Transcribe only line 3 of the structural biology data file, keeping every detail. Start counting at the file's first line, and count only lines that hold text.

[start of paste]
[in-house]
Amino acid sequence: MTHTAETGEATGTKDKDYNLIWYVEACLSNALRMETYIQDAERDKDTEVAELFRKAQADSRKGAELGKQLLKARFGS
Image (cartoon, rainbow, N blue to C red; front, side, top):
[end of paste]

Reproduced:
Image (cartoon, rainbow, N blue to C red; front, side, top):